<a href="http://www.mrqe.com/"><a href="http://www.imdb.com/"><a href="http://www.wikipedia.org/"><a href="http://www.aasra.info/"><a href="http://www.efilmcritic.com/"><a href="http://www.talkingpix.co.uk/"><a href="http://www.newyorktimes.com/"><a href="http://www.timesofindia.com/"><a href="http://www.thepioneer.com/"><a href="http://www.tirbuneindia.com/"><a href="http://www.hindustantimes.com/"><a href="http://www.dnaindia.com/"></a></a></a></a></a></a></a></a></a></a></a></a><a href="http://www.internationaltribune.com/"><a href="http://www.efilmcritic.com/"></a></a>
Hindi Film Review
Film Review: Highway: Too ‘pea’ brained to be the ‘High’ way!
Cast: Randeep Hooda, Alia Bhatt
Director: Imtiaz Ali
Rating: * * ½
It’s a road less travelled so per se expect a bumpy ride. Especially since the ensuing drama will challenge your understanding of human psychology and raise questions about your beliefs about love. Stunningly alive Panoramic vistas, rustic earthy vibrant atmosphere, a few strongly gravitating dramatic moments and a complementary elemental musical score can do little to make this long-drawn poorly scripted effort bearable. ‘Highway’ was a script that Imtiaz Ali kept at bay while churning out his hit efforts- Now we know why!
The script could have definitely done better with a few more re-writes- especially with reference to character curves. Even a director like Imtiaz Ali who is better known for his penchant for creating unusual, non-conformist love stories , should have known better than to tread amateurishly where this particularly almost-love-story about a troubled soon-to-be-married young girl and her equally troubled, brutish kidnapper.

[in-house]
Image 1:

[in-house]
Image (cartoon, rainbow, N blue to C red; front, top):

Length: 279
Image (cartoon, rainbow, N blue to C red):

The young girl in question is Vera Tripathi (Alia Bhatt), who gets kidnapped while playing hooky away from the claustrophobic hype and hoopla of her own wedding preparations. The kidnappers have just emerged from a hold-up at a petrol pump, Vera is bundled into their truck and taken on a long road trip that begins somewhere in central India and ends at the extreme north of the country. For a brief while the drama is riveting but within a few more minutes thereafter, it begins to get topsy-turvy. After one feeble, unsuccessful attempt at escape Vera inexplicably takes it into her head to cozy-up to the gang’s boss man Mahabir Bhatti(Randeep Hooda)., and things change drastically. Taking a leaf out of the ‘Stockholm syndrome’ the girl is shown as developing feelings for her kidnapper who is mostly way out-of-her wave length-and not just physically. After experiencing fear for a very brief while she suddenly begins to look on the forced trip as one long adventure and even expresses a wish for it to continue for ever. She doesn’t want to go home because there are hidden nightmares which her family would be loath to unearth. The hoodlum is reticent at first but eventually gives in and is even willing to play house for a few stolen hours. And in all this time there’s no cop shown as searching for the kidnapped girl who belongs to one of city’s most influential families.
Logic of course goes for a toss as far as the script and character studies go. It’s a sort of borrowing from ‘Monsoon Wedding,’ set on a road trip to nowhere, basically. Vera is abysmally written while the hoodlum is also given short-shrift. Alia and Randeep though, strive hard to make things believable- unfortunately it’s too tough an ask and credibility suffers big time here. Anil Mehta’s all-enveloping cinematography also makes in-roads into character definition but with silly ridiculous dialogues and traditional clueless plotting holding fort here, there’s really nothing new to hope for. The heroine’s shift from the initial pangs of fright to feelings of oneness with her captor appears rushed and is untenable. The gangster’s troubled mind is never concretely established.
Sound quality is excellent and the minimal background score fills-up a few of the gaps. Rahman’s folksy score also provides interim relief. But overall this is still a long-drawn ya ‘r’wn!